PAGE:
The Picture of Dorian Gray (Trafalgar Studios)

Oscar Wilde’s cautionary novel translates unhappily to the stage

"To reveal art and conceal the artist is art's aim." So wrote Oscar Wilde in his preface to The Picture of Dorian Gray, yet alas for him he's all over this adaptation. It's been done by the show's producer, John O'Connor, and the author's own grandson, Merlin Holland, armed it seems with a copy of The Bumper Book of Epigrams (although, to be fair, a lot of their Wildean one-liners come from the novel), and together they've stuffed their show so full of patter that the creepy story struggles to be heard.

This is the tale of a handsome young man (Guy Warren-Thomas, beige from head to foot) whose dissolute life is etched not in his face but in the bewitched portrait he keeps in the attic. The decline starts, following an episode of heartless abandonment, with "a touch of cruelty about the mouth", but as the decades roll by he continues to look like a freshman while the painting falls into raddled old age.

The dramatisation suffers from literalism and timidity, and it's not helped by Peter Craze's stop-start direction. It's astonishing how many scene changes you can get through with just a stool, a chair and a picture frame, just as it's perplexing how much talk of reprehensible behaviour can pass without illustration. I wasn't expecting 50 shades of Dorian, but the evening cries out for some notion of what makes this Mr Gray dissolute.

If Wilde's creep-you-out morality tale is to make its mark we need to understand the humanity at its heart. There is none. Craze's production explores no subtext and encourages no colouring of the words beyond good diction and a lively delivery. Gray himself turns from well-intentioned twerp to nasty piece of work at the turn of an interval and his dramatic needler, Lord Henry Wotton (John Gorick, who gives a valiant performance against the odds) is less Mephisto than Oscar Wilde in a sea of self-regard. Potential currents of eeriness and interiority fail to survive the onslaught of his verbiage.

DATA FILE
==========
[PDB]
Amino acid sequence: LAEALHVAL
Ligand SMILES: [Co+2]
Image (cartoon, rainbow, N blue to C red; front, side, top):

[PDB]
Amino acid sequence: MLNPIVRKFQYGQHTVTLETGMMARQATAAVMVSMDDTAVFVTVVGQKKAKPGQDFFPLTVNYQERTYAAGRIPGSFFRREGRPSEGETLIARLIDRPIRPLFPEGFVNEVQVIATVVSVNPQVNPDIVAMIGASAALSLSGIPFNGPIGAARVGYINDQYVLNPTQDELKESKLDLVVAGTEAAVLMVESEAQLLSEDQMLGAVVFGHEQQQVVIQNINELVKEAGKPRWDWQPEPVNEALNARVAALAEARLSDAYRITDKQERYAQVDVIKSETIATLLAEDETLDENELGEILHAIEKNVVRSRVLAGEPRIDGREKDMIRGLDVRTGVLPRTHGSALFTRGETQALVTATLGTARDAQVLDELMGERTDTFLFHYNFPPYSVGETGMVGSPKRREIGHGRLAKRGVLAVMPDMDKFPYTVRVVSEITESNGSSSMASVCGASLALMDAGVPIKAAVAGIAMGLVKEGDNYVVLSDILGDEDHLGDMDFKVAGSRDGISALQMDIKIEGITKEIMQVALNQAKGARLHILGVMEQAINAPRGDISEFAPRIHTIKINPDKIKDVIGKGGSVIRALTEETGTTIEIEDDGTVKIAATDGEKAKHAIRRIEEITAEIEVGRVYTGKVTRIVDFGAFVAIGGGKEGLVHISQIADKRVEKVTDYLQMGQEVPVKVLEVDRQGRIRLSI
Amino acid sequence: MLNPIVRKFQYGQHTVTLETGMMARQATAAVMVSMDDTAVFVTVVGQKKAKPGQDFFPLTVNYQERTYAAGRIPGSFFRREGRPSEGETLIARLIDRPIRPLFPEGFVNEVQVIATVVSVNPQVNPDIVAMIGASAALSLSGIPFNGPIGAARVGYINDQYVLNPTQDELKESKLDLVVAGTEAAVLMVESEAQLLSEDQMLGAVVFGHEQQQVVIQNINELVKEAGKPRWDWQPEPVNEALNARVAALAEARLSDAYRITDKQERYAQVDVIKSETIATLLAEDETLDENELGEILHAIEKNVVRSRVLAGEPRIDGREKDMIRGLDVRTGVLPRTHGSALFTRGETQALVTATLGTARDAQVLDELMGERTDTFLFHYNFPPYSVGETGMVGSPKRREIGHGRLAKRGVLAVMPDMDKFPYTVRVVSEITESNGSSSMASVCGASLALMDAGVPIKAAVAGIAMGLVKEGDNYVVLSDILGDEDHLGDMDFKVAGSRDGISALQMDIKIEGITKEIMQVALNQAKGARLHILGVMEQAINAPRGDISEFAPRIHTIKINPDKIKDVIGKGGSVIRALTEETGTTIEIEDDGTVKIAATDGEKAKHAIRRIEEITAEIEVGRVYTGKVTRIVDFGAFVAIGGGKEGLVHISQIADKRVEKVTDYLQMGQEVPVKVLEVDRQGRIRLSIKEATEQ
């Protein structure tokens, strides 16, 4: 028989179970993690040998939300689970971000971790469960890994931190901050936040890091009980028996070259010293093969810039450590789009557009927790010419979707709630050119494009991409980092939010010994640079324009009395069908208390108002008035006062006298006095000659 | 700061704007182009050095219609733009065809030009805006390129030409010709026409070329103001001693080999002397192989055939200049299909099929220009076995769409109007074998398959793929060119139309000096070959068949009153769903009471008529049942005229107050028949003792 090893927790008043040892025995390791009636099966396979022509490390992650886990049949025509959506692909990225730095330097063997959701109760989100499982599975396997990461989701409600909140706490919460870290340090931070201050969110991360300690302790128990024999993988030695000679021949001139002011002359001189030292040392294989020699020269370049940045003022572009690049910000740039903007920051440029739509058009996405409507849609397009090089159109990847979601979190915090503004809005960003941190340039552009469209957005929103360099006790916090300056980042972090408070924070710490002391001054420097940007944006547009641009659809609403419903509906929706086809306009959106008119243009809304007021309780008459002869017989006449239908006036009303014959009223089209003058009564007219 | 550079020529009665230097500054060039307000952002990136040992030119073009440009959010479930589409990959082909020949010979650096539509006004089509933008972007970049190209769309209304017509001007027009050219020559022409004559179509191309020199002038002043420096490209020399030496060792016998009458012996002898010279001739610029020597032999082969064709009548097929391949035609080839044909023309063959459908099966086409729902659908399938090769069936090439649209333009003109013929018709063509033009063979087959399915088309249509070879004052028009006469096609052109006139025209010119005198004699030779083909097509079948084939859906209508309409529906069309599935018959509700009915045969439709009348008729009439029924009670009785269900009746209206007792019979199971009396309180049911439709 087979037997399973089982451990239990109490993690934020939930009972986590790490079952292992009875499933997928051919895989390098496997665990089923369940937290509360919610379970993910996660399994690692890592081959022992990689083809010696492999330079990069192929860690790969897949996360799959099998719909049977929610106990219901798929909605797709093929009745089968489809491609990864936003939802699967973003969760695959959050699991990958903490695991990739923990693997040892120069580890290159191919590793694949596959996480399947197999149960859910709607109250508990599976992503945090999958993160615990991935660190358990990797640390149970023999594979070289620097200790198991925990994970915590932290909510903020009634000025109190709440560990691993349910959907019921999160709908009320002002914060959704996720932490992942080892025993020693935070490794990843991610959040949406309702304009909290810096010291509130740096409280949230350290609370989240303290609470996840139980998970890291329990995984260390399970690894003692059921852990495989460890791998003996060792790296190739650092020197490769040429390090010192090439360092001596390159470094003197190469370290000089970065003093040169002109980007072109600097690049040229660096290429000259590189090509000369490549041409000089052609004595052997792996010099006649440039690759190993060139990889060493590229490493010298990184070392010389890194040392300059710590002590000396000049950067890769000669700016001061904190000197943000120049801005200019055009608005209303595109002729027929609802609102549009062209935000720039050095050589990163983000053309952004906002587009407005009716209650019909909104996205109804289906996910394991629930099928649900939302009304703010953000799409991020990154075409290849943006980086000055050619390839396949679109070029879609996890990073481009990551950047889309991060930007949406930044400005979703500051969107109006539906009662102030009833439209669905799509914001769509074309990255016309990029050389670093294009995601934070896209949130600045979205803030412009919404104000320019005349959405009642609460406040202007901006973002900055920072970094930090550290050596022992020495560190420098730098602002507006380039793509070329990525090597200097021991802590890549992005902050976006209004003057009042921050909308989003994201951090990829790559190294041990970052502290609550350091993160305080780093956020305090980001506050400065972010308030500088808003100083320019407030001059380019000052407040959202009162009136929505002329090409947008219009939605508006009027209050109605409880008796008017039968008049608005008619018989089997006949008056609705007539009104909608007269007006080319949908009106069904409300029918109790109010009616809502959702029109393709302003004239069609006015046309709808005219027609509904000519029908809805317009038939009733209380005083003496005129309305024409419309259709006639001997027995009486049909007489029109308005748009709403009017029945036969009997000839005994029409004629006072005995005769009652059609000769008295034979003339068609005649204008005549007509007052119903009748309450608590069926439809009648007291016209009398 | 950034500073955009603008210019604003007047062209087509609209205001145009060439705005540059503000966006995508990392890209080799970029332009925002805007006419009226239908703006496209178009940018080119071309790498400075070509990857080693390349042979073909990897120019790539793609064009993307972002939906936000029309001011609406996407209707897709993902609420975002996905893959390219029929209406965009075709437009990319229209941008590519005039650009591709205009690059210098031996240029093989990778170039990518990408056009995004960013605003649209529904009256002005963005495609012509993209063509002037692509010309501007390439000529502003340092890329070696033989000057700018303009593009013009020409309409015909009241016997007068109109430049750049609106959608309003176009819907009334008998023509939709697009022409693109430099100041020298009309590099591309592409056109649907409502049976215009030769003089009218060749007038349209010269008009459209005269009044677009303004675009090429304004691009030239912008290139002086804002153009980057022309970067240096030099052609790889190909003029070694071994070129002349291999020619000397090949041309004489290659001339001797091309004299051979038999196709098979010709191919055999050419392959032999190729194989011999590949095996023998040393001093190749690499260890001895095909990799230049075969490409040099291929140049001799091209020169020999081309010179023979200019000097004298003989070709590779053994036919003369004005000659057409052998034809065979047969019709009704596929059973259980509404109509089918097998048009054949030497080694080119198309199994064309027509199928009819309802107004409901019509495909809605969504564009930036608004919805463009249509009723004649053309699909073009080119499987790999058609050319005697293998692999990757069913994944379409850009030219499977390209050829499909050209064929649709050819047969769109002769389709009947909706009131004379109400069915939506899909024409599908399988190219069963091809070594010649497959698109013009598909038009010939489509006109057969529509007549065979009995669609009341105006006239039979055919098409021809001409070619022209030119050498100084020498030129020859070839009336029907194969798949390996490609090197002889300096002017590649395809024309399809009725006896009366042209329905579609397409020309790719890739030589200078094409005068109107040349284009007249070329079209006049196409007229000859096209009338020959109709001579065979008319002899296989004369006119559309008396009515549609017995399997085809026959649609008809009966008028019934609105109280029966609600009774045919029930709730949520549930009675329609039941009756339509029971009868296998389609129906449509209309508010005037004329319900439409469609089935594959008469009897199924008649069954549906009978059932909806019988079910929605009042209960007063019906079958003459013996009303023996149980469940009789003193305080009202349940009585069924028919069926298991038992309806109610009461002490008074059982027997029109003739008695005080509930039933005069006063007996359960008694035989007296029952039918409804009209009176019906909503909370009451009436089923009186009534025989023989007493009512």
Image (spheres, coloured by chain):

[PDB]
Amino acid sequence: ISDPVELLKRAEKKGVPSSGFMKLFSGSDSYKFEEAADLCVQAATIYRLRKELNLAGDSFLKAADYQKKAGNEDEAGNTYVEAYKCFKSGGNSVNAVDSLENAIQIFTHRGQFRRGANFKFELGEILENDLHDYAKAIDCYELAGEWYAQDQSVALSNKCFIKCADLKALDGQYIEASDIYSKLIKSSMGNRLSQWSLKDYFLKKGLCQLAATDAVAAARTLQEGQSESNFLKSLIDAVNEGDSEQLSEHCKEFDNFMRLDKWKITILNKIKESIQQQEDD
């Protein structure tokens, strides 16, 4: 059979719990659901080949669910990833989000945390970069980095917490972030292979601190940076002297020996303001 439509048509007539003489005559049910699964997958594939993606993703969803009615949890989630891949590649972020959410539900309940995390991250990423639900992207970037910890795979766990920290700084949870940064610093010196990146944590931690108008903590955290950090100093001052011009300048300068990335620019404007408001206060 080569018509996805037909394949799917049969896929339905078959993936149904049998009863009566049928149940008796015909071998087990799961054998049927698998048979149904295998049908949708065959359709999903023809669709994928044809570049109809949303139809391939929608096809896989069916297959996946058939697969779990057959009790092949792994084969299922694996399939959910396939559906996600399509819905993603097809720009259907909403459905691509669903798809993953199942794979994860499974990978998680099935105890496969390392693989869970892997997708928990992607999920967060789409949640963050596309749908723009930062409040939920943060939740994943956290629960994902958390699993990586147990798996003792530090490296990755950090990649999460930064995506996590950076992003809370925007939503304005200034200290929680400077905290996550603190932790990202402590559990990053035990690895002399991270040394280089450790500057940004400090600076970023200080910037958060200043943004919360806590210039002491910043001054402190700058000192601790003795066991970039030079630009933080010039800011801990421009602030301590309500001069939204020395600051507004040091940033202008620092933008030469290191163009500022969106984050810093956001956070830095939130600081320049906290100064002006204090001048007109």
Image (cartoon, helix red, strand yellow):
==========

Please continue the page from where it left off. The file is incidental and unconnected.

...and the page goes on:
In the four-strong cast Helen Keeley plays every female role (eight in all) that is not taken by either Gorick or Rupert Mason in drag. As for the lad himself, Warren-Thomas certainly looks the part: blond, epicene and angular, he makes a decent fist of an impossible role. But the staging, untouched as it is by imagination, never takes off. A coy opium episode falls flat as a hissy smoke machine belches into the tiny Trafalgar 2 space; and as for the titular picture, the production ducks out of showing it at all. The Empty Space of Dorian Gray may be an unkind retitling, but it's not far from the truth.

The Picture of Dorian Gray runs at Trafalgar Studios until 13 February.